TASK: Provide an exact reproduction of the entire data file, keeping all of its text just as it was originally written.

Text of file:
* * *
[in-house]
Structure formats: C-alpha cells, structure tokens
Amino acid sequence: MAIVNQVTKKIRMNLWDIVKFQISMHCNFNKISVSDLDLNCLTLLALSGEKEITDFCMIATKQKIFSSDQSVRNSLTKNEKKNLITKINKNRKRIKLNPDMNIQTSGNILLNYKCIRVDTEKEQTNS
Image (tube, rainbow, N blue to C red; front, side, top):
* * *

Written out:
[in-house]
Structure formats: C-alpha cells, structure tokens
Amino acid sequence: MAIVNQVTKKIRMNLWDIVKFQISMHCNFNKISVSDLDLNCLTLLALSGEKEITDFCMIATKQKIFSSDQSVRNSLTKNEKKNLITKINKNRKRIKLNPDMNIQTSGNILLNYKCIRVDTEKEQTNS
Image (tube, rainbow, N blue to C red; front, side, top):